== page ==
In C/C++ mode all of Spin is supported. For PASM output we still only support one object (see the demos for a way to kind of get around this with #include). Many builtin functions like coginit/cognew, lockset/lockclr, longmove, etc. are not supported yet. DAT sections are supported now, but they're output as "binary blobs", which seems counterintuitive but is a consequence of the compiler implementation. (On the other hand if you already have PASM in a DAT section why do you need to make new PASM form it? :) )

    I'd love to hear any feedback / suggestions. This release is still very limited, but it can produce executable programs, and I think we're getting close to the point where OBEX objects can be converted.
  • Eric,

    Any chance that you can modify the Makefile to allow building just the command line portions? Building on Mac OS X requires Tk/Tcl (I believe) and I'm not thrilled to have to install ports or homebrew in order to get Tk/Tcl (my app build system does not get along with changes that those package systems)...

    dgately
    Livermore, CA (50 miles SE of San Francisco)
  • dgately wrote: »
    Any chance that you can modify the Makefile to allow building just the command line portions? Building on Mac OS X requires Tk/Tcl (I believe) and I'm not thrilled to have to install ports or homebrew in order to get Tk/Tcl (my app build system does not get along with changes that those package systems)...

    Actually the GUI isn't built by default -- the regular make just builds spin2cpp, the command line portion. To get the GUI requires "make spincvt.zip", and that's kind of specialized because it builds a Windows only GUI.

    I'm on Linux and I usually use the command line version for testing and such. I don't build a GUI app on Linux; for testing the GUI I either run spinconvert.tcl "by hand" or else build the Windows GUI and run it with Wine.
  • OK, so then there are some errors that show up on make that appear to be related to Mac OS X's use of clang.

    These are just two of the errors. The compiler shuts down after about 30 of these, stating "too many errors"...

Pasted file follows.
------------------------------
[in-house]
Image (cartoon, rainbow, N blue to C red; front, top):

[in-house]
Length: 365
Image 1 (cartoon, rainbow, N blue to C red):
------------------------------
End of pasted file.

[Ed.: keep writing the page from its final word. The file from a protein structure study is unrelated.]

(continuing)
backends/asm/outasm.c:280:18: error: implicit conversion from enumeration type 'Operandkind' (aka 'enum Operandkind') to different enumeration type 'enum IROpcode'
          [-Werror,-Wenum-conversion]
      IR *ir = NewIR(code);
               ~~~~~ ^~~~
    backends/asm/outasm.c:290:16: error: implicit conversion from enumeration type 'enum IROpcode' to different enumeration type 'Operandkind' (aka 'enum Operandkind')
          [-Werror,-Wenum-conversion]
      EmitOp1(irl, OPC_LABEL, op);
      ~~~~~~~      ^~~~~~~~~
    

    All displayed errors are based in "backends/asm/outasm.c". Can these enumeration errors be removed?

    Thank you for your consideration,
    dgately
    Livermore, CA (50 miles SE of San Francisco)
  • ersmith wrote: »
    cavelamb wrote: »
    I pulled all the foolishness out of the TFT driver and cleaned up some.
    And coded some simple (minded) PASM to wiggle the control pins.

    The TFT_2016.ZIP file only has TFT_CLS in the main program.
    Can you use this as a (Way More Involved) test file?
    That one already launches a COG (there's a coginit in the init function; see TFT_PASM_IMAGE). Also, having the CS_HIGH, CS_LOW and so on routines in the DAT section doesn't help anything (the spn compiler can't call functions in DAT; as it turns out those functions aren't used anyway in the version you posted).
    those bit-wigglers are only called by the PASM code in the DAT, so no har - no foul.
    But not a speedup either.
    Here's a TFT2.spin that has everything except the initialization cut out. The next preview release (that I'll be putting up shortly) can compile it. Whether it will work correctly is another question entirely! It probably won't work right, but I'd like to hear your experience.

    I dropped it into RAM and it looks like it INITed.